The centerpiece of the exhibition is a series of photographs and short films of Matta-Clark “building cuts,” including the iconic 1974 “Splitting,”(shown above) a photograph of a house in Bronx, New York that the artist cut with a power saw to comment on the decay of the American city.  Of particular interest are photographs Bingo (shown below), 1974, a case of literal deconstruction, where the artist removed a facade of a house in Love Canal, a notorious neighborhood in Niagara Falls, New York, where  21,000 tons of toxic waste where discovered, leading to public health emergency and an urban planning scandal.  On display are also several artists’ statements by Matta-Clark and his letters reflecting the ruminations on the essence of space and time.
Gordon Matta-Clark Bingo
Bingo, 1974 via Artnet Magazine

Born in New York in 1943 into a family of artists Anne Clark and Chilean Surrealist Roberto Matta, Gordon Matta-Clark graduated from Cornell University where he studied architecture.  During his studies at Cornell, Matta-Clark became influenced by Colin Rowe, an architectural historian, theoretician and teacher, whose views on urban planning became a major influential force in the second half of the twentieth century. In 1968, Matta-Clark relocated to Paris to study French literature at the Sorbonne. There, he witnessed the revolts of May 1968, the event of enormous political and social significance in contemporary history that left a lasting impression on the young artist. It was in Paris where Matta-Clark became aware of the philosophical movement of Deconstructivism, with its innovative concept of détournement, the re-use of artistic elements in the new ensemble. Moving to New York in 1971, Matta-Clark co-founded Food, a unique restaurant that was managed and stuffed by exclusively by artists. The restaurant’s menu celebrated unorthodox cuisine and each meal was tuned into an artistic event.  Located in SoHo, Food was the meeting place of Philip Glass Ensemble,Mabou Mines, and the dancers of Grand Union.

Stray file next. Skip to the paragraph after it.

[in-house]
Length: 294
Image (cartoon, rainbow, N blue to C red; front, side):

gordon_matta_clark Food
Tina Girouard, Carol Godden and Gordon Matta-Clark in front of Food , New York, 1971

In 1975, Gordon Matta-Clark produced a piece titled Conical Intersect, for which he cut a large conical hole through two 17th Century townhouses located in the historic Parisian district of Les Hales that was about to be demolished in order to construct the then-controversial Georges Pompidou’s Center.

Gordon Matta Clark Conical Interest, 1975
The Making of Conical Intersect, 1975

Gordon Matta-Clarc Conical Intersect, 1975
Conical Intersect,1975

The exhibition features Window Blow-Out (1976), a project documenting the broken window panes of the Institute of Architecture and Urbanism in New York, the expression of Matta-Clark’s protest against the institutionalizing, and, thus, the decrease of artistic value of architecture, and Day‘s End (Pier 52), 1975, the artist’s attempt to create a modern temple by creating an arch-shaped cut in one of the abandoned piers in Manhattan.

Gordon Matta Clark Window Blow Out
Window Blow Out, 1975
Gordon Matta-Clark Day's End (Pier 52),1975
Day’s End(Pier 52), 1975

The exhibition is on view until January 24, 2010.

Relevant Links:
Gordon Matta-Clark – El Museo Nacional de Bellas Artes

Breaking and Entering
(The Nation)
Gordon Matta-Clark by Ned Smyth (Artnet.com)